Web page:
Big Island ARRL News, 25 July 2017, 16:15 hrs, UTC, Post #269.
Accessed on 25 July 2017, 16:15 hrs, UTC.
Author: Wireless Institute of Australia via IARU Region 1.
Please click link to read the full report.
The President of The International Amateur Radio Union Region 1 delivered a sobering message to those attending the Ham Radio 2017 Friedrichshafen conference in Germany. Don Beattie (G3BJ) said radio amateurs “need to be more vigilant to pollution and intrusion on our bands.” Beattie added that Amateur Radio societies worldwide “need to work very hard to ensure that we continue to enjoy privileged access to parts of the spectrum.” Among the items cited by both Beattie and commercial broadcast interests are the rising noise floor, restricted antenna space, and lack of regulations and standards for digital devices known as the “Internet of Things (IoT).
Beattie summed up his concerns with this observation:
“A second part to the IARU core work is spectrum protection. Don G3BJ said he is “deeply concerned about our ability to maintain a usable radio spectrum in some parts of suburban Europe.” Amateur Radio spectrum allocations are of little value if they are “made unusable by the presence of multiple sources of interference – be it electrical interference or intruders”. Don G3BJ said the IARU is deeply involved in the work of the international standards organisations, arguing for common sense in the setting of emission standards for electrical and electronic devices. He highlighted major concerns facing the IARU being solar photovoltaic arrays, wind generators, digital devices, VDSL+ and wireless power transfer technology. “Some would say that even with the work we are involved in on standards, much of the radio spectrum is becoming unusable in the suburban environment,” adding he personally has sympathy with this view. He also praised the work of the IARU Monitoring System but more intruder watch observers were desperately needed.”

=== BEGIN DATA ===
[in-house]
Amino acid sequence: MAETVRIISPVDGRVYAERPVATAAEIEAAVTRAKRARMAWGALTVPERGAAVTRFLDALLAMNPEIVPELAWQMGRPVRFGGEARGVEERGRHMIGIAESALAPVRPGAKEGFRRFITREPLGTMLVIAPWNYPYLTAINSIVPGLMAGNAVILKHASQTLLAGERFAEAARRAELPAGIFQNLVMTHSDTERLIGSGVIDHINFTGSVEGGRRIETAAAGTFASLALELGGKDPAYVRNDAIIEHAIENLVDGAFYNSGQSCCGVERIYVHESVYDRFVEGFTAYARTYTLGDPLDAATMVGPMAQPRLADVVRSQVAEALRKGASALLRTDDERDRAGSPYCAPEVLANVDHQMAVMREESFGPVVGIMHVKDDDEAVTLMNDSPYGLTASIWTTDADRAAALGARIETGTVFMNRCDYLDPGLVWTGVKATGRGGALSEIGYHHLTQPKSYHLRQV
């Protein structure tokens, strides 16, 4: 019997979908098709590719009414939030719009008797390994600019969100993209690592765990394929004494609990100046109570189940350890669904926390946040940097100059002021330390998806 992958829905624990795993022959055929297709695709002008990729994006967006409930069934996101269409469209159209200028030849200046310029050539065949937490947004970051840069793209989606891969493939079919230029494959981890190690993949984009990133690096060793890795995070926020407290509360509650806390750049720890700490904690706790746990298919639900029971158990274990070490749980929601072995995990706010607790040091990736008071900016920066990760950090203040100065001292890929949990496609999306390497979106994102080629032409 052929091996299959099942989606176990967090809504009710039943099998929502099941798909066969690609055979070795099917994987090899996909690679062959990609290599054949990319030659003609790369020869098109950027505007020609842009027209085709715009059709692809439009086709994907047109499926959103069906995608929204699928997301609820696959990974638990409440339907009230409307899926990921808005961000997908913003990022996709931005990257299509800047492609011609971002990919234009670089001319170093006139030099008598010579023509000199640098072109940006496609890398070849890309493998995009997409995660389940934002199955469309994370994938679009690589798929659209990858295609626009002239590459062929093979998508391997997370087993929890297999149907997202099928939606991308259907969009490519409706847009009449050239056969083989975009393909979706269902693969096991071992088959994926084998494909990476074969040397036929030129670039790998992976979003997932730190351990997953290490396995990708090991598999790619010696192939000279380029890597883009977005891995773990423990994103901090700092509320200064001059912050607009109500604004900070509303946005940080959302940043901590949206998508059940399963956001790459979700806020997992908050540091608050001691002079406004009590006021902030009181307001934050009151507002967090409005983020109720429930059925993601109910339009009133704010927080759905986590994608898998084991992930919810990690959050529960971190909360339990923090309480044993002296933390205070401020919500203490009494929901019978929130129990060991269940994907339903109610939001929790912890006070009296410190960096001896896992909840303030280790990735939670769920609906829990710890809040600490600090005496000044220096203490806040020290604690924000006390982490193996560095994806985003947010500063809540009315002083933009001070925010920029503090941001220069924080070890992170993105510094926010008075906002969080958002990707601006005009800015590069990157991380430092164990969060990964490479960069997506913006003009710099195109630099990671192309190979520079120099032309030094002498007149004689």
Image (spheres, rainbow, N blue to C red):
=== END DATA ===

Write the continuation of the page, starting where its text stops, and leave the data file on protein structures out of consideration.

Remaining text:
A cautionary tale for all of us who use the radio spectrum, be we radio amateurs, public service personnel, or former broadcasters, such as myself.
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